Names to Faces

Rhondda Pit Picnic,1957

Tug-o-War at Northern (Rhondda) Colliery Picnic, 1957

This wonderful photo appeared in The Newcastle Herald on Saturday 19 November in its excellent  A moment in time series. The photo is of a tug-o-war and was taken at a works picnic attended by management and workers of Northern (Rhondda) Colliery, near Teralba, New South Wales. It was taken by the late Vic Ash and provided to us by Barry Howard who identified some of the people as follows:

On the rope, from right to left – Jack White (at front, closest to camera), Peter Murray (Mine Manager), Norm Ward, unidentified man, Dawson Robertson.

The man holding the little girl, third from right, is “Nugget” Hayden.

Since the photo appeared in The Newcastle Herald, more information has been supplied by members of the public. On Saturday 26 November, The Herald reported:

Argenton’s Francis Fenwick called in to say his daughter had recognised him in the photo (above) published last week, standing on the very right behind the boy with dark hair.
Known as “Fenno” and now 87, Fenwick was a bulldozer driver for carrying company Hawkins and worked at the Rhondda Colliery for two and a half years.
He said he remembered manager Jack White and superintendent Peter Murray as if it were yesterday.

On Saturday 3 December, The Newcastle Herald reported:

Elaine White recognised her late husband Jack White at the front of the rope in the picture of the Miners Picnic at the Northern (Rhondda) Colliery in 1957.
Mr White died in 1979.
The man behind him, Peter Murray, died six years ago.
“I can tell you it was the staff versus the miners and the staff did pull the miners across the line,” she wrote.”

On Saturday 10 December The Herald reported:

Patricia McBlane sent an email to point out her husband Norm McBlane in the photo published on November 19 of the Northern (Rhondda) Colliery picnic in 1957.
She said her husband, then 14, is pictured at the far right of the photo.
His father Doug (Jock) McBlane worked in the mines and called events from the microphone at the picnics.

It is great to receive information about the people in our photos. Our Flickr site has been a boon in this regard, and now the publication in The Newcastle Herald of this and other photos from our collections has added greatly to our knowledge, and given pleasure to those who recognise themselves or loved ones in the photos.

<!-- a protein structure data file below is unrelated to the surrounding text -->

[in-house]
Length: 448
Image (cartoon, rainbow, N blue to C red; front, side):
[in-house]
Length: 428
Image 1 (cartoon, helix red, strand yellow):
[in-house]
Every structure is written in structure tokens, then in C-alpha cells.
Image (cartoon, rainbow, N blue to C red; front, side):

Our thanks go to Helen Gregory of The Newcastle Herald for publishing the photo, the late Vic Ash for taking it, Barry Howard for supplying it to us, and, of course, Mr Fenwick, Mrs White and Mrs McBlane for giving us the information.

You can see the full sized scan of the photo on our Flickr site at

One thought on “Names to Faces

  1. Brings back memories what a great and enchanting place to grow up the best place in the world to play hiding-seek ;swamps water holes rainforests, creeks with a fascinating industrial complex as a play ground. The big bloke without shirt fourth from front (the Unidentified man) is my dad Noel Dennis Ward he was at Newstan colliery ; was the Mechanical engineer at Rhondda we moved there from Fennels Bay in 1954.Dad designed and built the workshop which stands where the old chimney stack and workshop was and the washing plant. Jack White was the Electrician Norm Ward was dad cousin he was a Deputy . Under Manager was Hector Harrison and Peter Murray was Mine Manager he later became superintendent for mines.Heck Harrison Moved to Belmont Colliery as Manager. Jack White died after a long illness with Parkinsons disease his wife Elaine nursed him she eventual studied nursing became ducks of her year and has been very influential in the care of the aged and terminally ill. Rhondda was initially opened by Wallsend Coke and Coke in 1901 the bricks and timber gotten from and made on site the all the brick buildings our old house originally Manager residence then the Engineers a beautiful house it was three bricks thick. Rose wood was extensively used it had 18 and 24 foot seams the Fassifern ; Great Northern(Northern Extended) and Rhondda seams. Rhondda was unique that it had a furnace down on the main tunnel flat as a means to circulate air. It was the First?? to use electric machinery because of its gas free status. The Cartel at the time put a tonnage embargo on Rhondda for it modern machinery out competed the other Pits.It was taken over by R.W.Miller and Sons, whom in turn was owned by Ampol and eventually, Coal and Allied. The destruction of the pit workings and old rail tracks has been a stupid act I hope they recovered the the hand made bricks and old sleepers of the rail line by the old stables and store room still left standing as of recent photos. Regards Peter Ward

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